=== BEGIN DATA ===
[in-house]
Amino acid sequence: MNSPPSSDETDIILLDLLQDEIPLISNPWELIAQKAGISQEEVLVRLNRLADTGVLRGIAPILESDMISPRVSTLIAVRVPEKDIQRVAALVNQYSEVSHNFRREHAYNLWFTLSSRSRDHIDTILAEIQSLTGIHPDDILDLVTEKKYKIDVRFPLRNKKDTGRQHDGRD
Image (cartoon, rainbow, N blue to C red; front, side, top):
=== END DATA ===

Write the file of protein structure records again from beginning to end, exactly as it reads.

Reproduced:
[in-house]
Amino acid sequence: MNSPPSSDETDIILLDLLQDEIPLISNPWELIAQKAGISQEEVLVRLNRLADTGVLRGIAPILESDMISPRVSTLIAVRVPEKDIQRVAALVNQYSEVSHNFRREHAYNLWFTLSSRSRDHIDTILAEIQSLTGIHPDDILDLVTEKKYKIDVRFPLRNKKDTGRQHDGRD
Image (cartoon, rainbow, N blue to C red; front, side, top):